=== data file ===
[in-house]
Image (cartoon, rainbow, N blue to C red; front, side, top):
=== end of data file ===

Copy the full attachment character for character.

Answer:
[in-house]
Image (cartoon, rainbow, N blue to C red; front, side, top):